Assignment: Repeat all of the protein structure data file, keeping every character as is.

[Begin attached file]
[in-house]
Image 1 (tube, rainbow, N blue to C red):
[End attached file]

[in-house]
Image 1 (tube, rainbow, N blue to C red):